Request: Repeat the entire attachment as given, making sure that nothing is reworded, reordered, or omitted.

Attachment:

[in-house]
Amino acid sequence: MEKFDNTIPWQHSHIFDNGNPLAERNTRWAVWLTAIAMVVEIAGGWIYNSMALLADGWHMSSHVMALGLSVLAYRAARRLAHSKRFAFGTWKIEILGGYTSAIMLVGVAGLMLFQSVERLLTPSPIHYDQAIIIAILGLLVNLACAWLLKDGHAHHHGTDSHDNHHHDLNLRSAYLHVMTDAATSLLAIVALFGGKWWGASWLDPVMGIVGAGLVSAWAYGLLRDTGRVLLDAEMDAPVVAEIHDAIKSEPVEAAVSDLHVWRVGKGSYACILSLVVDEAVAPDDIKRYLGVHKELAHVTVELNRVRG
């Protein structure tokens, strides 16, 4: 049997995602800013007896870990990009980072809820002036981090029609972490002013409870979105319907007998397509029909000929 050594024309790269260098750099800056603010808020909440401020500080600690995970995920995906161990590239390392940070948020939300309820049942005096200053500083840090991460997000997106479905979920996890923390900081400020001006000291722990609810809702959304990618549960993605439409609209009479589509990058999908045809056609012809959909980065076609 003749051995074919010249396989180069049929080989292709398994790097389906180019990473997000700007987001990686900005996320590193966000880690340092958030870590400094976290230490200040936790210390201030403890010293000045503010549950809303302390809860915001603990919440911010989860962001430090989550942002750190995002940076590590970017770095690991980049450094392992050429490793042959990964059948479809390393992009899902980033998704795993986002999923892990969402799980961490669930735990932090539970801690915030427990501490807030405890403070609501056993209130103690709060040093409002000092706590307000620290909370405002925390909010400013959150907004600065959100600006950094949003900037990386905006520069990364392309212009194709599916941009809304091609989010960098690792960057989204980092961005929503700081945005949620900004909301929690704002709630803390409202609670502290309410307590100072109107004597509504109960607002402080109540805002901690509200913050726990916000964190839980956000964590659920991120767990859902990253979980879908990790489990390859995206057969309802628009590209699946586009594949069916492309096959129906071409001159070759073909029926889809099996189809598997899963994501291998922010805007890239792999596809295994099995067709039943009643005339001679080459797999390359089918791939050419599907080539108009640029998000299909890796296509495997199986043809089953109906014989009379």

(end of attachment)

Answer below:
[in-house]
Amino acid sequence: MEKFDNTIPWQHSHIFDNGNPLAERNTRWAVWLTAIAMVVEIAGGWIYNSMALLADGWHMSSHVMALGLSVLAYRAARRLAHSKRFAFGTWKIEILGGYTSAIMLVGVAGLMLFQSVERLLTPSPIHYDQAIIIAILGLLVNLACAWLLKDGHAHHHGTDSHDNHHHDLNLRSAYLHVMTDAATSLLAIVALFGGKWWGASWLDPVMGIVGAGLVSAWAYGLLRDTGRVLLDAEMDAPVVAEIHDAIKSEPVEAAVSDLHVWRVGKGSYACILSLVVDEAVAPDDIKRYLGVHKELAHVTVELNRVRG
């Protein structure tokens, strides 16, 4: 049997995602800013007896870990990009980072809820002036981090029609972490002013409870979105319907007998397509029909000929 050594024309790269260098750099800056603010808020909440401020500080600690995970995920995906161990590239390392940070948020939300309820049942005096200053500083840090991460997000997106479905979920996890923390900081400020001006000291722990609810809702959304990618549960993605439409609209009479589509990058999908045809056609012809959909980065076609 003749051995074919010249396989180069049929080989292709398994790097389906180019990473997000700007987001990686900005996320590193966000880690340092958030870590400094976290230490200040936790210390201030403890010293000045503010549950809303302390809860915001603990919440911010989860962001430090989550942002750190995002940076590590970017770095690991980049450094392992050429490793042959990964059948479809390393992009899902980033998704795993986002999923892990969402799980961490669930735990932090539970801690915030427990501490807030405890403070609501056993209130103690709060040093409002000092706590307000620290909370405002925390909010400013959150907004600065959100600006950094949003900037990386905006520069990364392309212009194709599916941009809304091609989010960098690792960057989204980092961005929503700081945005949620900004909301929690704002709630803390409202609670502290309410307590100072109107004597509504109960607002402080109540805002901690509200913050726990916000964190839980956000964590659920991120767990859902990253979980879908990790489990390859995206057969309802628009590209699946586009594949069916492309096959129906071409001159070759073909029926889809099996189809598997899963994501291998922010805007890239792999596809295994099995067709039943009643005339001679080459797999390359089918791939050419599907080539108009640029998000299909890796296509495997199986043809089953109906014989009379």